Ice Addiction

What is ICE?

Ice is a methamphetamine, part of the amphetamine family of drugs which includes speed.

Ice is the most pure form of ampthetamine. The ‘high’ experienced from Ice is extremely intense.

This means the mind and body’s reactions to the drug are equally as intense. The potential for addiction, physical and mental problems is very high.

Ice is known by a variety of other names, including: crystal meth, meth, crystal, shabu, batu, d-meth, tina and glass.

Base is also known as: speed dexedrine, dexies, dex, shad, go-ee, glass, tina, paste, oxblood, shabu, yabba and crank.

The Effects Of Ice Addiction

Ice produces an very intense feeling of euphoria and arousal. The user will feel more awake and their appetite will be suppressed.

When the drug takes effect, the receptors in the brain are flooded with monoamines. Over time, these receptors can be destroyed and prolonged Ice use can cause the user to no longer feel pleasure without taking the drug.

Short-Term Problems:

  • Increased heart rate
  • High blood pressure
  • Irregular body temperature
  • Increased breathing rate
  • Constricted blood vessels
  • Heart problems

Long-Term Problems:

  • Aged appearance
  • Damaged teeth
  • Lesions on skin
  • Risk of stroke
  • Decreased lung function
  • Poor cognitive function – memory and decision making issues
  • Exposure to blood-borne viruses

According to The Australian Department of Health

Studies have shown the use of Ice (and base) is associated with brain and mental health conditions, including ruptured blood vessels in the brain, memory-loss indecision, depression and psychosis. These drugs can cause paranoia and hallucinations and the user may also become aggressive and violent – possibly requiring sedation and physical restraint or police intervention.

Using ice or base can also lead to social and financial problems and the risk of family breakdown and losing friends.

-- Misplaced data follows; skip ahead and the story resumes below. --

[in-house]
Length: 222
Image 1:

Dependence on ice and base can be physical, psychological, or both

People who are physically dependent on Ice develop tolerance to the drug. This makes it necessary to take more of the drug to get the same effect. They can also find that their body has become used to functioning with the drug present. As a result the user needs to increase their dosage as they develop tolerance and require Ice in their system to feel ‘normal’.

People who are psychologically dependent on Ice or base find that using these drugs becomes far more important than other activities in their lives. They crave these drugs and find it very difficult to stop using it.

If a person who is dependent on Ice suddenly stops taking it, they will experience withdrawal symptoms, because their body has to readjust to functioning without the drug. People may experience withdrawal symptoms for a couple of weeks.

Withdrawal symptoms include:

  • Cravings
  • Disorientation and poor concentration
  • Decreased energy, apathy and the limited ability to experience pleasure
  • Irritability
  • Depression, anxiety and panic
  • Paranoia
  • General aches and pains
  • Extreme fatigue and exhaustion
  • Headaches
  • Hunger and increased appetite
  • Disturbed and restless sleep, often interrupted by nightmares

Looking for a Treatment Centre?

When selecting a treatment centre for someone who has become addicted to Ice or any methamphetamine, it is important that you make certain that the facility is suitably qualified and has specific experience with ice addiction treatment.